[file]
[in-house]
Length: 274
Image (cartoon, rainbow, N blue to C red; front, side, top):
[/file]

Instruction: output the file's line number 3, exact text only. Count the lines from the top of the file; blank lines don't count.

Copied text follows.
Image (cartoon, rainbow, N blue to C red; front, side, top):